There’s never been a week like the one that just ended – and there’s never been one like the one that is just beginning.
No one – especially not people in marketing and communications – can say where this is headed. But the Cognito team has collectively prepared some advice that can help guide your communications over the next weeks and months.
Cognito has also prepared a financial services media snapshot to stay up to date on the latest insights across sectors. Read it here.
Adjust timing and messaging for planned announcements
Increasing editorial pressure to cover the most relevant industry news as it relates to Covid-19 means announcements that would normally garner media attention could get lost. If an announcement is not business or market critical, consider delays or adjusting the message of the release. Not only will this mean it gets more attention at the time of release, it also avoids your business appearing tone-deaf to larger market issues.
Here’s an example. Putting out a media alert that says “We’ve released Version 3.1 of our advisory platform,” might seem random. Instead if adjusted to focus on additional options for secure advisor-client communication, this can seem vital in the current environment.
Strong media relationships are more important than ever. Reporters with shared history are more likely to respond to emails, be a sympathetic ear and provide advice about what information they are looking to provide to their readership. They’re unafraid to give trusted hands honest discussion about what they can report on and why. This goes across channels – we’re speaking to reporters on Zoom, WhatsApp, WeChat, Twitter, Slack, Microsoft Teams, LinkedIn and even a good old fashioned phone call. This respect needs to be mutual – don’t waste their time and definitely incorporate their feedback.
Keep tabs on the media landscape
The media relies on experts to help them understand how COVID-19 is unfolding industry by industry. But with the stakes higher than ever, reporters will be looking for facts and data to back up opinions.
Media monitoring and social media listening tools are vital. The most useful sources will understand the current conversation – including what other people in the sector have been saying on topics. Are you the first person to propose moving an important regulatory deadline back a year or part of a growing chorus? Knowing this matters. Informed spokespeople give better interviews and typically get more quotes.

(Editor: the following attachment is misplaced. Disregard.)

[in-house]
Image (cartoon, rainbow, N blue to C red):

Identify and plan for post-Covid media opportunities
Many companies do not have a voice in this current newscycle – and that is fine. Use this time to anticipate and plan for the next news cycle, where you can showcase your organization’s thought leadership. We expect that as a light at the end of the tunnel emerges, reporters will pivot to writing about the lasting impact Covid-19 may have on business strategy across every individual industry. Get creative, and think about the potential long-term impact that learnings during this period may have on how your industry is going to evolve, or how shifts in corporate culture may impact how business is done.
Forget what’s always been done
Many are already talking about the ‘new normal.’ Social distancing, event cancellations and more are impacting the day-to-day techniques of doing business with journalists. But this also makes it a good time to evolve.These are some of the necessary changes we expect to see in media relations over the coming weeks, months, and maybe years:
- Virtual media tours and 1-to-1 video interviews
- Increased use of social media for reporter engagement
- Iterative content – update the same piece of thought leadership as new information becomes available
- Ongoing auditing of peers’ and competitors’ external and owned channel comms
- Interest in raw data from firms that can be sent in close to real time – a chart or some figures, even if there is no developed narrative. Consider how turnaround times on approvals for such things can be accelerated.
Evolve your crisis communications plan
For many, this will have been the first road test of a crisis comms plan (or finding out what it’s like to operate without one). Remember these plans are guides, not train tracks, so as the situation changes, so should your documents. Revisit, review and update. Put aside time after the outbreak to access what worked and what to improve for next time.
Here are five questions every business needs to ask:
- Have you developed proactive and responsive messaging?
- Are your spokespeople media-trained for this new environment?
- Are you prepared to conduct retrospective reviews of your crisis comms function?
- Do you have a plan in place for executive communications? Who’s managing and writing?
- Have you evaluated and adjusted your internal comms function?